“Scientists around the world, including my advisor, have been working on a special type of polymer coating which is really thin, roughly 100 times thinner than our hair strands,” he said. “These thin coatings not only reduce the amount of polymer used, they also show interesting properties, such as structural coloration – color without pigments. My work has been to understand the structure of these thin coatings and their decay and degradation in adverse environmental conditions. By looking at how they behave at elevated temperatures or in various industrial solvents, we came up with better design ideas and improved techniques for their fabrication.”

For Kim, the journey to UH and the Cullen College of Engineering specifically has been longer than for some other students. He sees this honor as a reflection of some of that hard work he's done.

“When I applied to UH as a transfer student, I was not immediately accepted into the College of Engineering because my grades weren’t high enough at the previous institution, but the staff gave me the opportunity to prove myself,” he said. “The staff in the Department of Chemical Engineering, and the Cullen College of Engineering, were pivotal in my journey to get to this point.”

Agrawal, who grew up in the small city of Etawah in northern India, said his parents, Rajesh and Nutan, have “ceaselessly supported” him, and encouraged him to continue his educational efforts, as well as Karim.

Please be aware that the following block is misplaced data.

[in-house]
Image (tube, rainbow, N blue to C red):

“I owe a debt of gratitude to my advisor, professor Alamgir Karim, for opening his lab door for me to do independent, blue-sky research,” Agrawal said. “I met him at a conference during my undergrad days and enjoyed talking to him. I didn’t realize that two years later, I would be working with him. His intellectual comments and excitement about new science motivates me everyday. His mentoring has helped me in preparing myself for the life in academic research, where I see myself in the foreseeable future.”

Agrawal identified several other mentors who were instrumental for him.

“Professors Jacinta Conrad and Peter Vekilov have been of immense help as well, in scientific discussions and lab access. I also closely collaborate with Dr. Jack Douglas, who is a scientist at NIST [National Institute of Standards and Technology in Gaithersburg, Maryland]. Discussing relevant scientific theories with him helps me in gaining deeper understanding of my experimental work. I also want to thank my previous advisors, professors Ashutosh Sharma at the Indian Institute of Technology Kanpur, and Steve Granick and John King at the Center for Soft and Living Matter, Institute for Basic Science in Ulsan, South Korea, whose mentoring have played a major role in my interest in scientific research.” 

Long-term, Kim would like to become a R&D scientist or engineer, working on developing carbon negative solutions in the energy and materials field. Kim identified four people as being key resources while at UH.  

“Dr. Peter Vekilov, and graduate students Sima Mafi, David Yang and Alex Xu have been instrumental in my development as a researcher and a student,” he said. “It was because of them that I was able to succeed here at the University of Houston.”